ATLANTIC HIGHLANDS, NJ – The Eugene C. Allen American Legion Post 141 conducted its annual Veterans Day service today in Atlantic Highlands Veterans Memorial Park, First Avenue in the borough.
(left to right). Theresa Brown, Dave Carr and Paul Bishof
After prayer offered by Post Chaplain Wilbur Bishof, Post Commander Peter Doyle read from the American Legion Officer’s Guide to Ceremony Service. Touching on themes that resonated with the assembled veterans, he spoke of the commitment that veterans have made beyond their military service, their dedication to community and the education of the young.
A handful of citizens attended the ceremony under sunny Autumn skies at the 11th hour of the 11th day in the 11th month — 11 a.m. November 11, the time and date that the Armistice ending World War I took effect in 1918.
CRANSTON DEAN BAND
Mayor Fred Rast
Former Mayor Peter E. Donoghue
Mayor Fred Rast and former mayor Peter E. Donoghue, both post members, also read excerpts from the service guide.
Post members laid a wreath in memory their comrades who have died.
Peter Doyle speaks to the audience.
Wilbur Bishof (center) spoke to the crowd about the “A Vet is a Vet” bill in the legislature.
Commander Peter Doyle reminded the assembled crowd that they have freedoms hard won by the blood of soldiers. He urged those assemble to publicly share their feelings on issues of the day. After several long seconds, Wilbur Bishof spoke up and told the audience about his concern about the lack of legislative support for a bill again making its way through the statehouse.
The so called “A Vet is a Vet” bill would right an wrong in New Jersey, according to Bishof. Currently, New Jersey affords tax credits and job preferences to those veterans that served active duty under certain dates and under certain conditions. Efforts over the last decade have failed to bring the matter up for a vote in the Assembly and Senate. Over the years, sections of the bill have been advanced through committees but never voted on by either the full Assembly or Senate.
For example. Assembly Concurrent Resolution 98:
This concurrent resolution proposed a constitutional amendment to permit certain disabled veterans to receive civil service preference. Currently, only disabled veterans who served in the United States Armed Forces during the time of war may receive civil service hiring preference. This amendment would permit all disabled veterans, including those who did not serve during a time of war, to also receive such preference. To qualify, the veteran must have become disabled while performing active service in the military. Wartime service would still be required for veterans who are not disabled.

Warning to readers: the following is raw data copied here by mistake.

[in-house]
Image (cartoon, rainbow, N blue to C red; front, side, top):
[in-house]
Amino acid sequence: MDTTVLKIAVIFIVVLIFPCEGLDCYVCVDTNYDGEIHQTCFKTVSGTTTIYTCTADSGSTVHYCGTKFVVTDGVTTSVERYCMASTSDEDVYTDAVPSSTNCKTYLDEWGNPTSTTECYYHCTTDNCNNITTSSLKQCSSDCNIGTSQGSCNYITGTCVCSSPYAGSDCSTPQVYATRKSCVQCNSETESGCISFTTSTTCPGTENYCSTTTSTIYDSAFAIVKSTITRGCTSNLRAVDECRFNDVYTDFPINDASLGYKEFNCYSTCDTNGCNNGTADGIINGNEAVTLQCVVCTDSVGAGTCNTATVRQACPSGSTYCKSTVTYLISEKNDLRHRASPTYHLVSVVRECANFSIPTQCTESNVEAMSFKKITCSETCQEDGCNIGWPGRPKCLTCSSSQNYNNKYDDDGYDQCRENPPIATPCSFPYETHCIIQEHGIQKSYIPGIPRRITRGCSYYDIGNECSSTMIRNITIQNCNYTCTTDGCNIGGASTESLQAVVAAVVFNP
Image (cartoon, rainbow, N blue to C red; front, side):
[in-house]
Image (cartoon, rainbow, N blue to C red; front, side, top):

Testifying before the Assembly Military and Veterans Affairs Committee in June 2008, Al Bucchi who is Legislative Director for the Veterans of Foreign Wars, said, “New Jersey is one of the unique states that only recognizes certain veterans, where the Federal government has a broader sense of who a veteran is. So this basically tells a veteran, “You’re recognized by the Federal government. You’re also recognized by the State of New Jersey.”
Committee Chairman Assemblyman Jack Conners commented, “Mr. Bucchi is absolutely right. We’ve been working on this subject matter for many years now — I guess at least the eleventh year of discussing the subject of what we call a Vet is a Vet, and that is recognizing every single — that a person who has put on a uniform in the State of New Jersey — recognizing them as a veteran.
“However, we have a situation out there where, unless you were — I guess post-Vietnam. You may not be considered a veteran if you did not serve during very, very specific dates, that we indicate, for a minimum of two weeks in different battles, and conflicts, and things like that. And as a result, there are actually some people — soldiers out there who actually wore a uniform for 20 years. They’ve retired. They’re not considered a veteran. There are even some people out there who are 100 percent disabled, and we don’t consider them a veteran in the State of New Jersey — or at least consider them a veteran in terms of certain benefits.”
The proposal never made it on the ballot.
Mr. Bishof urged everyone to contact their legislator to move on the “Vet is a Vet” bill
Marvin Marino was at the Normandy invasion during World War II.
Joe Freitas (center) listen to the speaker along with Councilmembers Jack Archibald and Jake Hoffman.
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